Cate Blanchett’s Debut on Broadway
Meryl Streep made screaming headlines and instigated wild social media engagement due to her bold acceptance speech at last weekend’s Golden Globe Awards. The story received further traction when President Elect Trump called her an over-rated actress. The overwhelming reaction to that tweet was, say what you want about politics, Mr. Trump, but don’t touch our national acting treasure, Ms. Streep.
I am sure the Aussies feel the same way about Cate Blanchett. She is just as astounding.
The actress, known for her numerous film and stage roles, is making her Broadway debut in the new adaptation of The Present. Based on Anton Chekhov’s Platonov, the piece is written by Andrew Upton, Ms. Blanchett’s husband.
Mama Mia. First of all, Blanchett’s stage presence is glorious, and her voice, deep, strong and honey-like, is simply delicious.
Cate stars opposite Richard Roxburgh, who is equally as terrific.
It is a true delight to see two seasoned pros working together to bring the text to life.
Perhaps for that reason you might venture out to see The Present. For the play, not so much.
I mean, look, I am always intrigued by Chekhov, with his dry philosophy on life and take on relationships, but this often hard to follow three hour play is just more than we should have to endure.
The Present was originally an untitled early play by a young Anton Chekhov that made its way to Mr. Upton’s attention. It was a very long piece in the original form, and it remains so in the modern form currently offered on Broadway. The play was actually not even discovered until 16 years after Chekhov’s death. This adaptation is set in the mid 1990’s and takes place at a country house, where friends gather to celebrate the 40th birthday of Anna Petrovna (Ms. Blanchett). The witty and sarcastic Mikhail Platonov (Roxburgh) is there with his wife and friends and students. But, what is underneath the relationship between Anna and Mikhail? There is a heat that is palpable for sure.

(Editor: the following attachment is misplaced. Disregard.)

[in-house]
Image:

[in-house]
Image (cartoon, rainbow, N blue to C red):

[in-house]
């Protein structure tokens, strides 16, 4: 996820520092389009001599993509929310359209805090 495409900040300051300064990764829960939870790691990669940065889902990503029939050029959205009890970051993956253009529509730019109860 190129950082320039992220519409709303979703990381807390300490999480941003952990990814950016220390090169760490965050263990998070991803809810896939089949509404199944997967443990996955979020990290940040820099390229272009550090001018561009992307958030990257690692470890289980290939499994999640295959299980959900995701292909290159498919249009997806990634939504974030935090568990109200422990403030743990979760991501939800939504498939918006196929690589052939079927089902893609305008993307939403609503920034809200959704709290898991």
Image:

During the course of the play, the characters drink lots of vodka. There is flirting, dancing, destruction, desire, and the overwhelming feeling of just plain boredom. Oh yes, and a readily available gun. Never a good combination when consuming copious amounts of vodka. That’s Chekhov for you.
Although Blanchett and Roxburgh are truly expert at their craft and wonderful to see, the show is tedious, and closing one’s eyes may be a decent choice now and again. At intermission, an entire row of people next to me and several in the row in front did not return.
Take that information as you will. Except for a few brilliant Chekhovian lines, and the aforementioned stunning performances of the show’s stars, The Present, directed by John Crowley, is one that might best be kept under wraps.